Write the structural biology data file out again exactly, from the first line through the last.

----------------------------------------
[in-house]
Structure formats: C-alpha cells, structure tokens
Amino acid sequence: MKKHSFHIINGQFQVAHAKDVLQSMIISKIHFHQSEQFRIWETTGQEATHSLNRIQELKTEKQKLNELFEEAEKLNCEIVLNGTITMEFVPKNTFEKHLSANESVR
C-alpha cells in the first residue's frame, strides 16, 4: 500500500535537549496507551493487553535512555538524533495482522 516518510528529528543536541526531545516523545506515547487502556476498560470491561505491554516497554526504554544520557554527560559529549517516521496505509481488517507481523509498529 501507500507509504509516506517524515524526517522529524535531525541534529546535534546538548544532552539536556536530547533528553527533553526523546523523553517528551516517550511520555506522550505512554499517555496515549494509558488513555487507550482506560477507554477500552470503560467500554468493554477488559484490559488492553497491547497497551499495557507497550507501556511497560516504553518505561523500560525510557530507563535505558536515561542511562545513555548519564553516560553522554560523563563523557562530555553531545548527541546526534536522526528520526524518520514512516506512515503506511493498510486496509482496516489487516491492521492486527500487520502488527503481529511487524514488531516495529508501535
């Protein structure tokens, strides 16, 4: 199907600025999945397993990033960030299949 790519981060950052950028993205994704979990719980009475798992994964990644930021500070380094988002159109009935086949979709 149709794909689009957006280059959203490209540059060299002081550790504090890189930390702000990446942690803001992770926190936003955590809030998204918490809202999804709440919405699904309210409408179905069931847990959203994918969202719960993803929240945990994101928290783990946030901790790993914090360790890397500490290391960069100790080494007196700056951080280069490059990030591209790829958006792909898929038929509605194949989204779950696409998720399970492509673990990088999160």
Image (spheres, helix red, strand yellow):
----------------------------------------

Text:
[in-house]
Structure formats: C-alpha cells, structure tokens
Amino acid sequence: MKKHSFHIINGQFQVAHAKDVLQSMIISKIHFHQSEQFRIWETTGQEATHSLNRIQELKTEKQKLNELFEEAEKLNCEIVLNGTITMEFVPKNTFEKHLSANESVR
C-alpha cells in the first residue's frame, strides 16, 4: 500500500535537549496507551493487553535512555538524533495482522 516518510528529528543536541526531545516523545506515547487502556476498560470491561505491554516497554526504554544520557554527560559529549517516521496505509481488517507481523509498529 501507500507509504509516506517524515524526517522529524535531525541534529546535534546538548544532552539536556536530547533528553527533553526523546523523553517528551516517550511520555506522550505512554499517555496515549494509558488513555487507550482506560477507554477500552470503560467500554468493554477488559484490559488492553497491547497497551499495557507497550507501556511497560516504553518505561523500560525510557530507563535505558536515561542511562545513555548519564553516560553522554560523563563523557562530555553531545548527541546526534536522526528520526524518520514512516506512515503506511493498510486496509482496516489487516491492521492486527500487520502488527503481529511487524514488531516495529508501535
């Protein structure tokens, strides 16, 4: 199907600025999945397993990033960030299949 790519981060950052950028993205994704979990719980009475798992994964990644930021500070380094988002159109009935086949979709 149709794909689009957006280059959203490209540059060299002081550790504090890189930390702000990446942690803001992770926190936003955590809030998204918490809202999804709440919405699904309210409408179905069931847990959203994918969202719960993803929240945990994101928290783990946030901790790993914090360790890397500490290391960069100790080494007196700056951080280069490059990030591209790829958006792909898929038929509605194949989204779950696409998720399970492509673990990088999160």
Image (spheres, helix red, strand yellow):